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Bringing Your Company Culture To Life

LinkedIn, The leader in professional networking, cites company culture as a top reason for people deciding to make a career change. With record “quit levels” in the United States (4.5 million in November 2021 alone!), it is high time to make sure you are promoting your company culture to attract talent. Company culture is how people get things done. It represents the unwritten rules of the road that are played out in day-to-day decisions and actions. It includes the behaviors, beliefs and values present at an organization. Many companies attempt to address this need by listing fluffy corporate values or talking up team social events or flexible work hours. But company culture is more than just a list of well-written values. Leading organizations should seek innovative ways to showcase their culture while recruiting new talent.

Try these three ideas to bring your company culture to life in the recruitment process.

1. Invite candidates behind the curtain. Accepting a new job can feel like a big risk. What will the environment be like? What if I regret my decision? These feelings of doubt can be compounded by the fact that you only met a few people at the company during the interview process. Instead of sticking to the traditional recruitment routine, invite finalists into the office or on the Zoom chat for a half-day of shadowing. Treat them like they are members of the team. If onsite, let them get a snack in the breakroom and a tour of the office. Use the “try before you buy” concept so candidates can experience your company culture firsthand rather than relying on third-party stories.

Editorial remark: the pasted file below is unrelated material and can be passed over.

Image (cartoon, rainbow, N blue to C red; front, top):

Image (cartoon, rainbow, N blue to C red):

2. Let your employees do the talking. Many recruiting processes leave an important contingent out of the plan...colleagues. Candidates may complete a full interview process never having met a peer or coworker. Excluding your team from the hiring process means that candidates are only getting a partial view of the culture. Instead, add a peer interview (or coffee) to the candidates’ agenda. This provides an opportunity for candidates to ask questions they may not feel comfortable asking senior staff. Additionally, employees have the power to be amazing company advocates in the virtual world as well. Encourage staff to share written reviews, photos, and insight into your company on social media or employment review sites. Let your employees do the talking!
3. Be vulnerable. It is easy enough to put on “rose-colored” glasses when summarizing your company culture. Only focusing on the best parts of the company or job (Unlimited time off! Rapid growth opportunities! Mentorship!). However, your message will be better received if you offer a full view of the organization, flaws and all. This may feel like a recruitment faux pas. Why would you talk about the long hours or the less-than-desirable healthcare contributions? Because each company has a unique position in the market and representing that in a fair fashion will engender trust in candidates. Remember, there are candidates out there who are looking for a culture formula just like your company.
Assessing company culture is a tough part of the job search process. Do your part to help candidates see what your company is all about.

SOURCE: United Benefit Advisors (UBA)